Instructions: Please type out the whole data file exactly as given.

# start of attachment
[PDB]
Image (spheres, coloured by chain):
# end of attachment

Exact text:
[PDB]
Image (spheres, coloured by chain):